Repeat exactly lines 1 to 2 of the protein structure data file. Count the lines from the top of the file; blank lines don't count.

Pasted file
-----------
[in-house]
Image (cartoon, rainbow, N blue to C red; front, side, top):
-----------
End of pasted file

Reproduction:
[in-house]
Image (cartoon, rainbow, N blue to C red; front, side, top):